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Boeing supplier Orion takes economic potential to Auburn
Orion Industries will move to a new location in Auburn next year after nearly 20 years in Federal Way.
Federal Way's loss is Auburn's gain. As a top supplier of parts for Boeing aircraft, Orion's economic future brims with promise.
Boeing set a record for year-to-date deliveries and net orders for the 737 Next Generation Aircraft. That model's replacement, the 737 MAX, will be built in Renton. Boeing predicts the world's total airline fleet will double from 20,000 to 40,000 by 2031, with Asia as the biggest market.
Orion employs 265 workers and reports 20 percent growth for the past 10 years. The non-profit manufacturing company specializes in job training and placement for people with disabilities.
Orion, which also operates a call center, has outgrown its Federal Way facilities on 9th Avenue South.
Orion wanted to build a 100,000-square-foot location in an area zoned light industrial, all within walking distance of the Federal Way Transit Center. More than half of Orion's employees rely on public transit. The idea was to eliminate a bus transfer that added 30 minutes of travel in each direction.
"Transportation is the largest barrier to employment," said John Theisen, president and CEO.
Orion approached Federal Way's department of economic development more than a year ago to discuss alternative sites near the transit center. Four possible sites were reviewed in an attempt to meet the company's criteria for size, zoning and location. In the end, Auburn arranged a better deal for a new home.
"Our preference was to remain in Federal Way," Theisen said. "I don't know if there was anything else that could have been done."
Orion's future home is expected to open in November 2013. The facility will be built on 6.5 acres of undeveloped property in Auburn on 15th Street NW, bordered by the Auburn Airport and a Metro Park and Ride.
Theisen said the new facility will help Orion take on more work statements, train more people and create more jobs in the region.
Orion was named one of Boeing’s 16 top aerospace suppliers, and was Supplier of the Year in 2011. Theisen expects Orion's growth to continue alongside a healthy commercial aerospace industry in the region, noting the optimism that surrounds production of the 737 MAX.
The future 737 MAX is approaching 1,000 firm orders worth billions of dollars. In 2011, Jakarta-based Lion Air ordered 230 airplanes at a list price of $21.7 billion. One of South America's largest airlines, GOL Linhas Aereas Inteligentes, announced a firm order in October to purchase 60 of the 737 MAX planes. The contract is worth $6 billion.
Local economic impact
From an economic development perspective, Orion's expansion is a win for the region.
"All of the Boeing suppliers need to pick up the pace and expand with them," said Bill Thomas, economic development planner for the City of Auburn. "We're all kind of in this together."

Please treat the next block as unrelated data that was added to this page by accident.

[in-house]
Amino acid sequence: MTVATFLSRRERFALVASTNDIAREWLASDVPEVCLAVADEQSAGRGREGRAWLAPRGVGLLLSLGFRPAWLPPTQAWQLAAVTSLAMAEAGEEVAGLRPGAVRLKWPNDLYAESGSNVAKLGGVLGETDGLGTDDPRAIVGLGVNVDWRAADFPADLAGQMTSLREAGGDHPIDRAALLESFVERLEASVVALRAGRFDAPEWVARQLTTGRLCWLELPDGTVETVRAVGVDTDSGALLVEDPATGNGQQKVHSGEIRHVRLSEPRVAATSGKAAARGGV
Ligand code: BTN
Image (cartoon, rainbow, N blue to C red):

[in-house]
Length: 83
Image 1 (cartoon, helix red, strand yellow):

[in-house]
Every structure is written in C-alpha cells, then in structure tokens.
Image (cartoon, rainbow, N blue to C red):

One economic benefit is having 300 more workers who eat, drink and spend money at Auburn retail establishments. Thomas said the city has created other incentives to drive the market, such as lower permit fees, tax rebates and programs for small businesses.
"It lets everybody know that Auburn is open for business," Thomas said. "Our mayor and city council are boldly changing regulations and creating opportunities."
Thomas said Auburn aggressively pursued Orion to make the deal, which involved a complex land transaction. King County sold a surplus portion of the Auburn Park-and-Ride lot to the city, which then sold that land to Orion. Through the deal, Orion deeded some of the property bordering the airport to the city for expansion.
King County Councilman Pete von Reichbauer praised the land sale, which required an ordinance through a vote from the council.
“This is a win-win for the county, the city of Auburn, and local job-producing businesses,” von Reichbauer said in a news release. “Our primary responsibility is to create an environment that encourages jobs in South King County, and this ordinance shows how public and private businesses can work together to create jobs in our community.”
In the past, Orion has received Community Development Block Grant (CDBG) funds from Federal Way. The grants focus on job creation and economic development. In 2012, Federal Way awarded $17,974 to Orion, which initially requested between $190,000 to $549,900.
Patrick Doherty, director of economic development for Federal Way, said the city tried to keep Orion and find a suitable property within walking distance of the Federal Way Transit Center. Doherty said the city presented four options, and was willing to rezone property in the city center to make it work. Communications with Orion died down before the company eventually announced its move to Auburn.
It would have been difficult for Federal Way's city center to meet the needs of a manufacturing business like Orion, Doherty said. One factor is the higher cost of real estate in the city center. In addition, a large manufacturing zone clashes with the city center's goals for retail, office and residential development.
On the contrary, the Auburn site is located on the outskirts of town near public transit and an airport. The site is situated on flat land that's more conducive to industrial zoning.
In fact, manufacturing jobs represent the smallest component of Federal Way's economy, Doherty said. Federal Way is better suited to attracting office jobs, such as kidney company DaVita, which will bring 350 jobs from Tacoma. Such professional jobs pay higher salaries than manufacturing jobs and result in higher purchasing power for those employees, Doherty noted.
While the arrival of new businesses will offset the loss of Orion, Federal Way is losing a valuable partner.
"We're going to miss them, that's for sure," Doherty said. "They're part of the community."